Whether the criminal defense attorney may ethically discredit the truthful witness on cross-examination and later during closing argument has long been an area of controversy in legal ethics. The vast majority of scholarly discussion on this important ethical dilemma has examined it in the abstract, focusing on the defense attorney’s dual roles in a criminal justice system that is dedicated to searching for the truth while simultaneously requiring zealous advocacy even for the guiltiest of defendants. Unlike these previous works, this particular Article explores this dilemma from the perspective of the techniques that criminal defense attorney’s use on cross-examination and closing argument to cast doubt on the testimony of a credible witness. It shows that, while it is ethically permissible to discredit the truthful witness, it is not uncommon for criminal defense attorneys to do so through unethical means. Further, absent voluntary compliance, current ethics rules cannot adequately prevent this type of professional misbehavior. Thus, a change in the culture of criminal defense lawyering is necessary to ensure that criminal defense attorneys recognize the value of increased compliance with the ethical dictates that govern the practice of law.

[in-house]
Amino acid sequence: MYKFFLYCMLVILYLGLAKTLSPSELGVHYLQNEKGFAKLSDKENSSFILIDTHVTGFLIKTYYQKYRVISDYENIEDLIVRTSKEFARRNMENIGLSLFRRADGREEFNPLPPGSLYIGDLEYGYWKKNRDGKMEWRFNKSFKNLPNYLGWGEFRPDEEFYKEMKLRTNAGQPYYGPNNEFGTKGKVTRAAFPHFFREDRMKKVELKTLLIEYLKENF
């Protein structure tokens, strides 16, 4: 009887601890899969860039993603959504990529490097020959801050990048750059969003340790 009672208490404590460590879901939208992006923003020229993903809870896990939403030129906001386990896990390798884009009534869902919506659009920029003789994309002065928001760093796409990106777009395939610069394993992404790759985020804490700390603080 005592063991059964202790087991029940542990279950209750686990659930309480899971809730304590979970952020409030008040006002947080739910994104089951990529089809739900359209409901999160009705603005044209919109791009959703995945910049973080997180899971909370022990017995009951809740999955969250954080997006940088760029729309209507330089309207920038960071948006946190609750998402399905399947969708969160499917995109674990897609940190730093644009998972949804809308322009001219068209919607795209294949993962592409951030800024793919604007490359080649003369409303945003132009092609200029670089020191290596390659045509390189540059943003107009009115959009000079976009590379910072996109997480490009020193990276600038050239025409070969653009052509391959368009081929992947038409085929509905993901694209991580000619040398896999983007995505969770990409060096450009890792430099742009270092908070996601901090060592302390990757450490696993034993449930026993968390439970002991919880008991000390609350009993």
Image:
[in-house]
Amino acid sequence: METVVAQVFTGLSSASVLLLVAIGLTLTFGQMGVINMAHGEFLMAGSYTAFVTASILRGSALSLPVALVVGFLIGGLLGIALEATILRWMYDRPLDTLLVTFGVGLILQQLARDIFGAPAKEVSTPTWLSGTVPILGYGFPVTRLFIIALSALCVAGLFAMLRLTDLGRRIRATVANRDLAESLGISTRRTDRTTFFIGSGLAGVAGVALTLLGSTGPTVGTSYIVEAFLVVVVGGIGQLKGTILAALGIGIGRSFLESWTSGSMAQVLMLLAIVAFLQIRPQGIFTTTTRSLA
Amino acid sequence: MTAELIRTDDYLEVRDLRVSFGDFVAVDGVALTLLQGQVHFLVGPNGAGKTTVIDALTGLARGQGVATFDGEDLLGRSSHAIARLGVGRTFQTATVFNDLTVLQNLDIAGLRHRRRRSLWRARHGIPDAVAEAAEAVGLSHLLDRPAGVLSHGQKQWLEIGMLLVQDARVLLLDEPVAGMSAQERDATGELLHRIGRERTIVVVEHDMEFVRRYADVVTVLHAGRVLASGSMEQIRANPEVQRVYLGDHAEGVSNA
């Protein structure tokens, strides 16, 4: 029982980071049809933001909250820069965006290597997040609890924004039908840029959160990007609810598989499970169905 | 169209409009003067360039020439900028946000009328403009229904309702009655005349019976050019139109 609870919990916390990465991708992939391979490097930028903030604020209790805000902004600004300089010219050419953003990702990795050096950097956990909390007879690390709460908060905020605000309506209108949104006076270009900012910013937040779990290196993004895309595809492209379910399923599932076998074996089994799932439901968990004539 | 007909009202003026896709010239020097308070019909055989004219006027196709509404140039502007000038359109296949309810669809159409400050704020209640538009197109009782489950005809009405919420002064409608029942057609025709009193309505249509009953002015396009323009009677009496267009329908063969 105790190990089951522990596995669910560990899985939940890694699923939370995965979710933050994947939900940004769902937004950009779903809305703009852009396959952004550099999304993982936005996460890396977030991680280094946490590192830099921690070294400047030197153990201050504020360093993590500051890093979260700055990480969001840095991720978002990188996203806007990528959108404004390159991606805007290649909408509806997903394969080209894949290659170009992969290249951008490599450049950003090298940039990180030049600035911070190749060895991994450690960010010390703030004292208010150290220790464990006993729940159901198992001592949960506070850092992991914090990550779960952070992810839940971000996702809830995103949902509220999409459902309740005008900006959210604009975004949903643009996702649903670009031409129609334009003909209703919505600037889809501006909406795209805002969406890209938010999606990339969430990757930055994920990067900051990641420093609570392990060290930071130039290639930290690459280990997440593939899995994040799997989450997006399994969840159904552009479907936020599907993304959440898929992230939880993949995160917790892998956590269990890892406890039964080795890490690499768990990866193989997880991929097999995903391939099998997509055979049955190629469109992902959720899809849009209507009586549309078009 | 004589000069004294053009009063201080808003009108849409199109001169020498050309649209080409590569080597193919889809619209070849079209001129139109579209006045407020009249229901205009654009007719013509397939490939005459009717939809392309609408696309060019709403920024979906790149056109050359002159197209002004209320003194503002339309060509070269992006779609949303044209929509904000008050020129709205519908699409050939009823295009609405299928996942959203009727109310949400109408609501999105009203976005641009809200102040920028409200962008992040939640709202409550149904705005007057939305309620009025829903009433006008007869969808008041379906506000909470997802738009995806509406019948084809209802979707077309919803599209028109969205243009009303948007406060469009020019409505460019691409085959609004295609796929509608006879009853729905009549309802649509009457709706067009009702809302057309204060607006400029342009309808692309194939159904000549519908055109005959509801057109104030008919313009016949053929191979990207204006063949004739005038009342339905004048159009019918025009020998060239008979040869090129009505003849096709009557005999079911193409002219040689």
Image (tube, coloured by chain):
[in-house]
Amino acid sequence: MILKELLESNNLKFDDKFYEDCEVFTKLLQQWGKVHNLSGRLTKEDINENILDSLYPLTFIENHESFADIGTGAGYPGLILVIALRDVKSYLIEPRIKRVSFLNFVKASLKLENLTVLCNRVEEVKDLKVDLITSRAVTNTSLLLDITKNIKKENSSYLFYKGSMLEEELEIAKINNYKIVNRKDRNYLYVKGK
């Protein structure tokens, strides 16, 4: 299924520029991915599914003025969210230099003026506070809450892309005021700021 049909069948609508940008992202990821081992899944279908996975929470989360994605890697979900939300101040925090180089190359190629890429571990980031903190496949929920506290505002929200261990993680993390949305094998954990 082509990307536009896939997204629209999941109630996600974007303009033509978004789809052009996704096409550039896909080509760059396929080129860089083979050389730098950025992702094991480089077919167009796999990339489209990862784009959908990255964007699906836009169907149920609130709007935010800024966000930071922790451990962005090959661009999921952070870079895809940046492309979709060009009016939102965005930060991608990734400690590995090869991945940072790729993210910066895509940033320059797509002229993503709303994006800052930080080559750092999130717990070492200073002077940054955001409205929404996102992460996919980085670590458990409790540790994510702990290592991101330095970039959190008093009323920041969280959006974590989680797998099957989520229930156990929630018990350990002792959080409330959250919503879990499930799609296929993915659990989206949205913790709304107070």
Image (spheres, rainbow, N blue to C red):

Todd A. Berger,
The Ethical Limits of Discrediting the Truthful Witness: How Modern Ethics Rules Fail to Prevent Truthful Witnesses from Being Discredited Through Unethical Means,
99 Marq. L. Rev. 283
Available at: https://scholarship.law.marquette.edu/mulr/vol99/iss2/4